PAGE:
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Large Magellanic Cloud Rotation Cycle

February 20, 2014

Scientists using NASA’s Hubble Space Telescope found that the Large Magellanic Cloud completes a rotation every 250 million years. They measured the average motion of hundreds of individuals stars in the galaxy located 170,000 light-years from Earth to arrive at this conclusion. But why does it even matter? Well, according to scientists, knowing a galaxy’s rotation rate offers insight into how a galaxy formed, and can be used to calculate its mass.” And it might provide a little insight into our own Milky Way as it’s the closest to us. It’s hard to study the Milky Way since we’re looking from the inside-out, but maybe looking at the LMC from the outside-in will help us learn more about our home galaxy.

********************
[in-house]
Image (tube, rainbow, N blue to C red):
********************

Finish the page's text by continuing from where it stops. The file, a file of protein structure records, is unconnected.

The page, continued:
[ Read the Article: Large Magellanic Cloud Completes One Rotation Every 250M Years ]



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